Kharkhorin, Mongolia - One day past the halfway point of the 2018 BMW Motorrad International GS Trophy in Mongolia , the wildest and most inaccessible place the event has ever visited, Team South Africa has stretched its overall lead to 56 points.

After five days of sand, rocks, vast deserts, near-impossible special tests and insanely unpredictable weather (including snow on the ground with the ambient temperature at 32 degrees) the three South African riders - Chris Meyer (39) from George, Eugene Fourie (39) from Centurion and Mark Ian Dickinson (33) from Magalieskruin in Pretoria - are on 195 points to Team Latin America’s 139 and Team Korea’s 131.

Day 5 started with Special Test 12 - Ongi River, a classic multiple river crossing. The challenge here wasn’t the water, which was shallow, but the deep shingle banks! The best run of the day came from Team Ausamerica, the second female team, not because of their speed but thanks to exceptional teamwork.

Then came a 100km ride down Telegraph Road - not a romantic as the song by Dire Straits suggests, with many sections of the gravel track rippled by trucks and a 35 kilometre section at the end that between grassy tussocks where again dust clouds and loose sand meant the riders needed to stay alert.

But the hard yards paid off as the GS riders entered the mountains and green valleys of the Khangai Nuruu National Park, where clay mixed with the sand (instead of rock) made for gentle trails that climbed and descended one valley after another.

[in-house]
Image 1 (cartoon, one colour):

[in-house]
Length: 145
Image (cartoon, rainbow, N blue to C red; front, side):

A second special test late in the day, called ‘Orhon View’, saw the riders challenged to a trials ride around some giant stones on a high peak (with spectacular views) - and then, when the riders finally reached camp, some as late as 7 pm after having started at 7 am, they faced a third special test, the ‘Metzeler Challenge’, a tyre change against the clock.

The first four days were all about desert and dust on the Mongolian steppe - a plain so vast you can see the curvature of the earth when you look at the horizon - with a succession of Special Tests, some in deep sand (the worst possible conditions for a big off-roader) and one that included running up and down a steep cliff, using GPS co-ordinates in a treasure hunt - and then climbing back on the bikes for several more hours of riding.

The International GS Trophy is an extension of a South African initiative, the 2003 GS Challenge, so it’s not surprising that South African riders have always done well in the world arena; Team South Africa has finished as runners-up twice and won the Trophy outright in 2016.

Meyer, Fourie and Dickinson are also not the only South Africans on the 2018 GS Trophy; there are two ladies teams, consisting of the top six amateur female off-road riders in the world - and two of the three riders in Team Eurafrica are Ezelda van Jaarsveld from Pretoria and Linda Steyn from Kempton Park.

Overall standings after Day 5

1 South Africa - 195

2 Latin America - 139

3 Korea - 131

4 USA - 130

4 France - 130

6 Mexico - 114

7 Argentina - 106

7 Russia - 106

9 UK - 103

10 Germany - 98

11 Australia - 80

12 Canada - 76

13 China - 75

14 Southeast Asia - 74

15 Japan - 65

16 Eurafrica Ladies Team - 43

16 India - 43

18 Ausamerica Ladies Team - 40

IOL Motoring